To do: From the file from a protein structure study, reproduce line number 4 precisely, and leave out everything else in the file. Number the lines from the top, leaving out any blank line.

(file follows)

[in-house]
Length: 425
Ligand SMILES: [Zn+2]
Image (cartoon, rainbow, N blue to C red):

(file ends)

Image (cartoon, rainbow, N blue to C red):